Missing Data

Missing data are a ubiquitous aspect of behavioral intervention research. There are a number of reasons why data could be missing, some of which are controllable by the researcher and some that are not, and each prompting a different inference. For instance, researchers who study rural populations often employ community-based participatory research techniques to get a buy-in from the community they are studying. Stakeholders and community advocates are mobilized to collect data and to ensure that participants regularly attend all of the intervention sessions and also come back for follow-up visits. However, often even after much effort, researchers can collect follow-up data on only a subset of the initial study sample. Although list-wise deletion continues to be offered in popular software programs, in recent years there is growing recognition that failure to address issues of missing data can lead to biased parameter estimates and incorrect standard errors. Researchers have now been relying on a multitude of techniques for dealing with missing or incomplete data that are currently available to behavioral interventionists and run the full gamut of sophistication and effectiveness, with full-information maximum likelihood and multiple imputation methods deemed to be the most effective strategies for analysis with incomplete data (Little & Rubin, 2014). However, there is no consensus as to which methods should be used in managing missing data, and the best policy is to try to minimize this occurrence as much as possible.

Another issue specific to all randomized trials is the issue of compliance. Intention to treat (ITT) utilizes the data of every participant who was randomly assigned to condition, essentially ignoring what treatment the participant actually received. This approach provides a conservative estimate of treatment effect, but eliminates bias from protocol deviations when persons drop out, for example, because of their lack of response to treatment (Gupta, 2011). Complier-average causal effect (CACE) estimation is an alternative approach that provides robust estimates of a treatment effect among compliant patients (Little & Rubin, 2000) and is becoming increasingly acceptable as an accompaniment to ITT to more fully understand treatment effects.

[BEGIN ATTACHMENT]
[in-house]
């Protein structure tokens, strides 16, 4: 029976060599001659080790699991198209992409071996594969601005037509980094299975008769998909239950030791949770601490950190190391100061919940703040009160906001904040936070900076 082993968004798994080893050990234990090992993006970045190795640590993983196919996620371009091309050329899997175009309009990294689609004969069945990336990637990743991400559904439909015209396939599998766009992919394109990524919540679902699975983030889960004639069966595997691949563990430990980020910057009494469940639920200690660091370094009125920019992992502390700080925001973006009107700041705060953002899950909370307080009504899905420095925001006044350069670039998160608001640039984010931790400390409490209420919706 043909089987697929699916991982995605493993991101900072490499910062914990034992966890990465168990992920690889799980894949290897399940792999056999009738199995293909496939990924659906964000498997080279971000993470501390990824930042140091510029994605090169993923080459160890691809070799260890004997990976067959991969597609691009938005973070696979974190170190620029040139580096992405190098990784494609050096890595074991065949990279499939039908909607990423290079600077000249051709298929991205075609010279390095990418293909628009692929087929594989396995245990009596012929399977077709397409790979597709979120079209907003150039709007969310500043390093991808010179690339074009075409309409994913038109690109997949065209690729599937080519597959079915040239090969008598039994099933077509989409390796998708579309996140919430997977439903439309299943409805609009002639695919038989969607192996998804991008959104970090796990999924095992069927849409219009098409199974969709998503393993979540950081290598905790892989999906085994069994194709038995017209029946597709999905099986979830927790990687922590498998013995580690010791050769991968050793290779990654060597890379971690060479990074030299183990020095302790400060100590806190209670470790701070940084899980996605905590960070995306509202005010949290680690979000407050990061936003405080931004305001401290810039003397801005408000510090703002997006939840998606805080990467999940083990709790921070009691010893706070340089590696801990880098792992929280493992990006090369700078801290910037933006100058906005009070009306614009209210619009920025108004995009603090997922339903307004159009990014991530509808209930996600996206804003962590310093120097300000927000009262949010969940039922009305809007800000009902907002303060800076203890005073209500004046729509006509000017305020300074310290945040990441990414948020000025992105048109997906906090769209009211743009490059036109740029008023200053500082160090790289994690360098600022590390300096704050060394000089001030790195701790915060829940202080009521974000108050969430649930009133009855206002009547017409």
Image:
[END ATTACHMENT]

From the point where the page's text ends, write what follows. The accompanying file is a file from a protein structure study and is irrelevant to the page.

CACE analysis builds upon Rubin’s causal modeling framework to yield causal estimates of the effects of intervention for individuals who comply with treatment (Little & Yau, 1998). The main challenge in CACE modeling is identifying the proportion of individuals who fall under the four compliance subgroups in the study population, namely, compliers, always-takers, never-takers, and defiers. These compliance subgroups are defined on the basis of how participants would comply with an assigned treatment under random assignment. Compilers are those who will use the treatment if they are assigned to the intervention arm of the study, but not if they are assigned to the control arm of the study. Always-takers will use the treatment irrespective of their intervention assignment. Never-takers will never use the treatment even if it is provided to them in the intervention arm, and defiers will do the opposite of their assigned treatment. Once researchers are able to account for the sample proportions for each of the four subgroups and verify necessary assumptions, they could determine an unbiased estimate of the difference in outcomes for compliers in the intervention group with those in the control group who would have complied with treatment given the opportunity to do so.

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